By John Crittenden
The American educational system, lagging behind international standards, has for some time been a rallying point for criticism. While a brief blog post hardly provides the space for a thorough analysis of the purported problem, it should be sufficient to succinctly share my own doubts of the basic foundations of American education. Some of my coursework, particularly a class on ‘the Classics of Political Economy’ have led me to question the efficacy of an American education.
The American educational system is like an industrial production line for employees. Geared towards the training of people to fulfill an economic function (also known as a job), it often ignores the political implications (and subsequent economic implications) of its peculiar developmental regimen. The increasingly pronounced specialization of labor under modern societies dictates that students focus on a particular discipline as they advance in their studies. The resultant branching out of scholarship into highly specific fields promotes a differentiation of value emphases between the various academic disciplines. The most important value under modern democratic capitalism, however, is a spirit of liberal individualism (as Friedrich Hayek liked to call it) or tolerance or open-mindedness.
Call it what you like, but by allowing the incorporation of the majority of society into the public discourse, a sense of liberal individualism at the heart of the country not only maximizes the availability of labor, but promotes its production of novel ideas by accepting, if not encouraging, differences of opinion. The proliferation of distinct value biases in accordance with peoples’ unique academic background risks the abandonment of tolerance as a guiding value principle of society in favor of a more particular socio-economic value structure. While their intentions may be noble, if any particular interest group is able to gain sufficient power to assert its value code over the open-mindedness underlying the democratic system, that society risks losing its democratic underpinnings and even falling apart. The preponderance of highly varied and intense value structures stemming from higher education led Joseph Schumpeter to accuse capitalism of over-producing its own social critics, who, left to their own devices, threaten to upset the delicate political balance of the system.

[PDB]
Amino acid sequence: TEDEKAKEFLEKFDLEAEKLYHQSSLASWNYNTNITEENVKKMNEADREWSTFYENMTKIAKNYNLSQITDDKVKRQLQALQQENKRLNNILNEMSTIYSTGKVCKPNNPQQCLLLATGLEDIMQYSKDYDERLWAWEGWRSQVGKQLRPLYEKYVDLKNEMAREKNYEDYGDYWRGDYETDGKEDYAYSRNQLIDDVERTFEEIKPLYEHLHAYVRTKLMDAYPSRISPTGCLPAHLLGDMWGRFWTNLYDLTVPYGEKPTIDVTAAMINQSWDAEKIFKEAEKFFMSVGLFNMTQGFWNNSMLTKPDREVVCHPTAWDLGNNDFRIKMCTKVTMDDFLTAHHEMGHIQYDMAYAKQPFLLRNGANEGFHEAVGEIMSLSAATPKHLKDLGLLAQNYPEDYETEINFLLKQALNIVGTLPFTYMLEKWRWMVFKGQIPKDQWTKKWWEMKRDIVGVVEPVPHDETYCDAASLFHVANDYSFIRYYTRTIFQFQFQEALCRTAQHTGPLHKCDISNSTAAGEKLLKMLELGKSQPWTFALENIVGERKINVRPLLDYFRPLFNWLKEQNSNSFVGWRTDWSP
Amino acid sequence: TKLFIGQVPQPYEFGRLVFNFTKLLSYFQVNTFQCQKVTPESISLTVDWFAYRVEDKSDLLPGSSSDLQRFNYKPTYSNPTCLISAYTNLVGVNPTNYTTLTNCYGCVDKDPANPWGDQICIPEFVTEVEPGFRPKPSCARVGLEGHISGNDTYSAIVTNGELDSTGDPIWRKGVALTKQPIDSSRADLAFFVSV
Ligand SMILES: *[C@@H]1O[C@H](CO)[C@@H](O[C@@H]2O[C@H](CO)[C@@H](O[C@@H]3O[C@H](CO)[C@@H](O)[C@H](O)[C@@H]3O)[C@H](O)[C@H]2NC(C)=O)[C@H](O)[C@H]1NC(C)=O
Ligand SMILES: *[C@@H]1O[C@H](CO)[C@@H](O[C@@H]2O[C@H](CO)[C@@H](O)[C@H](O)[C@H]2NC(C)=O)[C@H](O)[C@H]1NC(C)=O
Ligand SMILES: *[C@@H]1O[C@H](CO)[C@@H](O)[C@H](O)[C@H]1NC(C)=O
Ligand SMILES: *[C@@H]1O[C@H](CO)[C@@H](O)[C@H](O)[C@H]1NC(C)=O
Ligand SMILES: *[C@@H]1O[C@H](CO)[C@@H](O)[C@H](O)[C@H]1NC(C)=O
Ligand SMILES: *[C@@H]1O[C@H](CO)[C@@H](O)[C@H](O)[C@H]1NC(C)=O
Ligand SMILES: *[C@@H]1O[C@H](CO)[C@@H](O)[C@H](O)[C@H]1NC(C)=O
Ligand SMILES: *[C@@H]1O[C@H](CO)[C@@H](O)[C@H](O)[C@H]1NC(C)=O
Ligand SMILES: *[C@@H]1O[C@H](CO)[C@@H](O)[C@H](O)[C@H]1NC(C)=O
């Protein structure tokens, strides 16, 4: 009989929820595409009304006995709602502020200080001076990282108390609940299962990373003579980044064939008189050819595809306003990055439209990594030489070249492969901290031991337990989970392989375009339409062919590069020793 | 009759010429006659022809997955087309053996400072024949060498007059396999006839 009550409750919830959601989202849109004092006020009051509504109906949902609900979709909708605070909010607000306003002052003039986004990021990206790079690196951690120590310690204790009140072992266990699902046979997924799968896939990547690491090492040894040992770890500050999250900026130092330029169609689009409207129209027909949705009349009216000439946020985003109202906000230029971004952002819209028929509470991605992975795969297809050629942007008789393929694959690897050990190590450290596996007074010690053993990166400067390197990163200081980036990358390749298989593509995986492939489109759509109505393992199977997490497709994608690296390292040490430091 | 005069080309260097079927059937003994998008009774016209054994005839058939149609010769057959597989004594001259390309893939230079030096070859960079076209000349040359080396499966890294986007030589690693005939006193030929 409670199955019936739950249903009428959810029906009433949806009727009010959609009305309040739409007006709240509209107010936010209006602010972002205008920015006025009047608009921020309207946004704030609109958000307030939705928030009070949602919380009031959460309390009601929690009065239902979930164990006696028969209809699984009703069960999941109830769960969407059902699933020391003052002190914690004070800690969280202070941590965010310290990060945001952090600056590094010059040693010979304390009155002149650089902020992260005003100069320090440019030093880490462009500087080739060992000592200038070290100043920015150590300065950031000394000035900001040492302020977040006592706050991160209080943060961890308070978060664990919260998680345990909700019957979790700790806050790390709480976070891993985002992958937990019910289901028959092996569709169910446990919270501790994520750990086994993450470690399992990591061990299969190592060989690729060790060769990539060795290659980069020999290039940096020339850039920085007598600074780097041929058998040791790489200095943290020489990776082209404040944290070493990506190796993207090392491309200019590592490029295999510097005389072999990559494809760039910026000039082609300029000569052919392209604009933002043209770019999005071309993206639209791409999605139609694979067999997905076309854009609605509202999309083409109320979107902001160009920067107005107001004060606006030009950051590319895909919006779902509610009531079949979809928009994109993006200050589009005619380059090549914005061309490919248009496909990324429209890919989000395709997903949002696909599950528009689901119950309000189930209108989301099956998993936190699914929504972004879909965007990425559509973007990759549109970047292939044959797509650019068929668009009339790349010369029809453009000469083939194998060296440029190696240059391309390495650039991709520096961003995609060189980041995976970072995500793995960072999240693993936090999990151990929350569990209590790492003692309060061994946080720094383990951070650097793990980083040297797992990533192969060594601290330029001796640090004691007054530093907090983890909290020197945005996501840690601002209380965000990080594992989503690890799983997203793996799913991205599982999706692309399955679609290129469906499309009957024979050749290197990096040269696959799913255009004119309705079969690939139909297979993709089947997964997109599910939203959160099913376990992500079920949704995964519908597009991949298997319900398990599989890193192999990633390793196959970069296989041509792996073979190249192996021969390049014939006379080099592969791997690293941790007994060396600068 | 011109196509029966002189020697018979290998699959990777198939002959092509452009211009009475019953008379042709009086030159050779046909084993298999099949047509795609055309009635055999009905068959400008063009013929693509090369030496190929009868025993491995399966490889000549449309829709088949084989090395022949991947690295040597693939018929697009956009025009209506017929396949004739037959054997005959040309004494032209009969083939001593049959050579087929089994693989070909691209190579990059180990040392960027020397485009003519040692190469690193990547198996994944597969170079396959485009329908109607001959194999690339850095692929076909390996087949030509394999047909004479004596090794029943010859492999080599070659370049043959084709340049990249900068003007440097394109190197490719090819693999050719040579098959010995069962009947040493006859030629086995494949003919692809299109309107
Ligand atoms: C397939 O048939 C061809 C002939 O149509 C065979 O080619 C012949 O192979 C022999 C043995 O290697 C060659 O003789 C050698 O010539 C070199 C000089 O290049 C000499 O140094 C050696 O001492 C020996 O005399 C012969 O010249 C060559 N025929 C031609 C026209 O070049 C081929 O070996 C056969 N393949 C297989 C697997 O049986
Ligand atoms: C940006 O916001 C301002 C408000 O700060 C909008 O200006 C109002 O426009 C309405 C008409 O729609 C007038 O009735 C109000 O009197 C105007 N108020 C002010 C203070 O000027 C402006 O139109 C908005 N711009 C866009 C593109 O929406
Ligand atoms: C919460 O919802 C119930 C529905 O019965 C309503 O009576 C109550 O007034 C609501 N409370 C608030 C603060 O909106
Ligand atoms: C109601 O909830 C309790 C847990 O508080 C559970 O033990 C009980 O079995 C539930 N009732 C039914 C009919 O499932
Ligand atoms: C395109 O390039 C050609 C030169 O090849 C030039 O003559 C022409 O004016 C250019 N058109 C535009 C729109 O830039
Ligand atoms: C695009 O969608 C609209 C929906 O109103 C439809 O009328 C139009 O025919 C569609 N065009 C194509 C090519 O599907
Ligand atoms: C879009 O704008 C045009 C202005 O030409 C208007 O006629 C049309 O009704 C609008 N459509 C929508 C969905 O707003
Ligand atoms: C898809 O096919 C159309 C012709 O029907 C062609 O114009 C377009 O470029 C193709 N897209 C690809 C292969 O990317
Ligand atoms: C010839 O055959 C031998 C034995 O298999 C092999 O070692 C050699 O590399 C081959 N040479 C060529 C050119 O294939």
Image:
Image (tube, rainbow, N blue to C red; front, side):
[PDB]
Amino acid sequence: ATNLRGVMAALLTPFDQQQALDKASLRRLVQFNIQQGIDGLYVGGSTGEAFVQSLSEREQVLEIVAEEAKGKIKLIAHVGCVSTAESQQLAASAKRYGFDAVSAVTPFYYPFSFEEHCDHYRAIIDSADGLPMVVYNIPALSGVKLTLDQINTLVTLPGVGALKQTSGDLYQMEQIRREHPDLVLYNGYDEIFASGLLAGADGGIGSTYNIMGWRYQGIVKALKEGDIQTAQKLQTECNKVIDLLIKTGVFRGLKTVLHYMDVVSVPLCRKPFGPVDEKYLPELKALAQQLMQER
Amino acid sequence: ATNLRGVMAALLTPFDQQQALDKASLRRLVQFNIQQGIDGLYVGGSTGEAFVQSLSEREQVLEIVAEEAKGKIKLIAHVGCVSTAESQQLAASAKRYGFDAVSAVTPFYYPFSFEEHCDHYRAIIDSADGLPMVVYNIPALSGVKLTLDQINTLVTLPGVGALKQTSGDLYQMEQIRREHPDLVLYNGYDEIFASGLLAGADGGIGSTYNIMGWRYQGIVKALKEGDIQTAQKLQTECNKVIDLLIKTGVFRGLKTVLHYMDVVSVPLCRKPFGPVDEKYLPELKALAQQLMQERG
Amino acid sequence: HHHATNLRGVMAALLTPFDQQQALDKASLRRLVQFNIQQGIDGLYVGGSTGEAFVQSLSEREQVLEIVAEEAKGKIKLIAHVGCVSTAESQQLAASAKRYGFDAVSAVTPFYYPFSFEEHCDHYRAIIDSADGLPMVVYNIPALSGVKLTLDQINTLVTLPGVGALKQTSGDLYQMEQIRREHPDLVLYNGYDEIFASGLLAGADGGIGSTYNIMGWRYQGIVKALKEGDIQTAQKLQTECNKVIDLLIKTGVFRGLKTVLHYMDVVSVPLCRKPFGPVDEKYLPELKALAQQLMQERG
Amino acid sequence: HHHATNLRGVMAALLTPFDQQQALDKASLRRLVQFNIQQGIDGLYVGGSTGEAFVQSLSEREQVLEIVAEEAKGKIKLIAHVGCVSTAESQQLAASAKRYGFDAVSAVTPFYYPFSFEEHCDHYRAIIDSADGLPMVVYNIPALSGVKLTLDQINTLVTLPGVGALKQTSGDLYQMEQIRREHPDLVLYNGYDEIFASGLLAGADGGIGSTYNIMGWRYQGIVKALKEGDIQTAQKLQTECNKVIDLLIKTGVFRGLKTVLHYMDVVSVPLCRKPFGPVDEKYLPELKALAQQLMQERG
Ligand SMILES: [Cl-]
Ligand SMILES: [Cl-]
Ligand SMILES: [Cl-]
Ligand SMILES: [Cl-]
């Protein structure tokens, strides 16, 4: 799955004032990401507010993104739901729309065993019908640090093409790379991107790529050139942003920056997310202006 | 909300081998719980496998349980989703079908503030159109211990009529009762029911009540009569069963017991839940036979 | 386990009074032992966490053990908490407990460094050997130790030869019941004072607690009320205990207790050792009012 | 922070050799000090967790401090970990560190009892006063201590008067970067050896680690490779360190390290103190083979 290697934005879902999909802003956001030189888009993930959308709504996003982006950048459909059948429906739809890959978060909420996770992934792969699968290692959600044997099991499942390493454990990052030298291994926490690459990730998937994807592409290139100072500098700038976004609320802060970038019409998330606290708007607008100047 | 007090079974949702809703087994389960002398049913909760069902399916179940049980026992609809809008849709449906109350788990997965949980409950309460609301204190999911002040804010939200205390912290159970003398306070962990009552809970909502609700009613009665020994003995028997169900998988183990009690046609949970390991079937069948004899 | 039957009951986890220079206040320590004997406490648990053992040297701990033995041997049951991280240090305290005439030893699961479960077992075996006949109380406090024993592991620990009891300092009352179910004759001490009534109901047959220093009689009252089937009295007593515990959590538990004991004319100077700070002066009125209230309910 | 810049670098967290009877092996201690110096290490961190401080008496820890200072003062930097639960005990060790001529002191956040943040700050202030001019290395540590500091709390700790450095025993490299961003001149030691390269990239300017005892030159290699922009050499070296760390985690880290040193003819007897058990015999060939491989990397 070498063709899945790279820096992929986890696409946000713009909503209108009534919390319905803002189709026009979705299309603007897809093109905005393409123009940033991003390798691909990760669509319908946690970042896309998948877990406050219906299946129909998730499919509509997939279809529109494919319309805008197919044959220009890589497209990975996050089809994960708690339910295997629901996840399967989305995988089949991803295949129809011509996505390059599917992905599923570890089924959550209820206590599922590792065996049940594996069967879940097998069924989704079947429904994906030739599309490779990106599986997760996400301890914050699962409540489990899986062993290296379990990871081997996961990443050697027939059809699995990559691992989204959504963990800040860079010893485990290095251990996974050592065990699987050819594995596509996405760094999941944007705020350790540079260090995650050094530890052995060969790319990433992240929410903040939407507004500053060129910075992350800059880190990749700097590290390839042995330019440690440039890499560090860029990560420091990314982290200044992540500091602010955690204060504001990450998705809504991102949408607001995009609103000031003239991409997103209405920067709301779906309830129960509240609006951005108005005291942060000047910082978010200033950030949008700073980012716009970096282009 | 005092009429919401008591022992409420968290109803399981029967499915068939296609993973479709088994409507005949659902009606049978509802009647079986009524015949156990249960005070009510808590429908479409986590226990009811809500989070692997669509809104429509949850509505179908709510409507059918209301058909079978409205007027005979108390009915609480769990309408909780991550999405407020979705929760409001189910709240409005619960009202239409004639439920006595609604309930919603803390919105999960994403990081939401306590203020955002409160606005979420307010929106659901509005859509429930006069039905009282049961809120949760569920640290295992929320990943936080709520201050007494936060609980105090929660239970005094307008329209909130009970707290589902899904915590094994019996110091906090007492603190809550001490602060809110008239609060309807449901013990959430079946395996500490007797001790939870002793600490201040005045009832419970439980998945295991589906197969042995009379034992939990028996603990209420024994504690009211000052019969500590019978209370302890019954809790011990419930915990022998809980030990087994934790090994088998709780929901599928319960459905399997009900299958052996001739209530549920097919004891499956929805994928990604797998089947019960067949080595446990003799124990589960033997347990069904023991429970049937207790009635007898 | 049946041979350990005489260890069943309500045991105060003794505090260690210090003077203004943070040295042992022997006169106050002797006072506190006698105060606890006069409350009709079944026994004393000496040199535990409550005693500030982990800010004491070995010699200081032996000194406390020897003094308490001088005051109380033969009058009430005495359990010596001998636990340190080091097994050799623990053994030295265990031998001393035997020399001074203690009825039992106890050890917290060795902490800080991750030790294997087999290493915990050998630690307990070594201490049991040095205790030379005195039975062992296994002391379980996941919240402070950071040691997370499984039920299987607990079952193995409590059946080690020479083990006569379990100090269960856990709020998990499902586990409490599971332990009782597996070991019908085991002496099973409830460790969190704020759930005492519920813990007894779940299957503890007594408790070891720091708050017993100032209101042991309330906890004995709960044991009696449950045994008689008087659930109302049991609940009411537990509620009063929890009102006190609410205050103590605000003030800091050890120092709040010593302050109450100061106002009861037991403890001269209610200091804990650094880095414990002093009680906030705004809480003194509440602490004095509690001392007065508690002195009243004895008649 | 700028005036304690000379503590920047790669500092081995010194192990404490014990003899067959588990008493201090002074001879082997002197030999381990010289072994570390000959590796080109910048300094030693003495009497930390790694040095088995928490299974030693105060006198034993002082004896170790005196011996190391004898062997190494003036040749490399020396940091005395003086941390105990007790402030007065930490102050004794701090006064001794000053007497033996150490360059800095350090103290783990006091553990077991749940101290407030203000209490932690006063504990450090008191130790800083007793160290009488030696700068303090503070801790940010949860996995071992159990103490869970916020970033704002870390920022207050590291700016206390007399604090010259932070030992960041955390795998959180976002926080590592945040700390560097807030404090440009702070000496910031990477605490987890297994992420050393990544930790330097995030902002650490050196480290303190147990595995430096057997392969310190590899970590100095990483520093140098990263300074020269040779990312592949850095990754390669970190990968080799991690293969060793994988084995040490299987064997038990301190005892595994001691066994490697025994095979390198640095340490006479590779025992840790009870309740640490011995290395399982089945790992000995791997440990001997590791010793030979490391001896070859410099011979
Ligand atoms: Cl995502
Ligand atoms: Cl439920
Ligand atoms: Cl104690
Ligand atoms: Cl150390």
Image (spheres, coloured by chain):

Here, again, the emphasis on knowledge for profit undermines the American educational system, but this time at the primary school level. To counteract the often divergent viewpoints of various academic experts, the American primary education should focus on knowledge as a venue for promoting social stability rather than individual economic gain. That may sound like Communist propaganda to some, but unless American primary schools begin training a majority of our student population to be conscientious and tolerant citizens, rather than opportunistic and greedy entrepreneurs, the creative and destructive forces unleashed by whatever interest group holds sway at the moment threaten to destroy our society.
My view doesn’t advocate the abandonment of individualism or individual liberty, it’s merely redirection towards strengthening social solidarity rather than undermining it through excessive intellectual radicalization. As long as a tolerance of diverse viewpoints remains at the center of our society, the risk of one particular value (such as equality, sustainability, or personal profit, for example) over-riding the politico-economic system and rendering it untenable is significantly reduced.